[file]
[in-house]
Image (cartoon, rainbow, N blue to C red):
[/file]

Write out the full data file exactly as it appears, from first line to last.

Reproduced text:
[in-house]
Image (cartoon, rainbow, N blue to C red):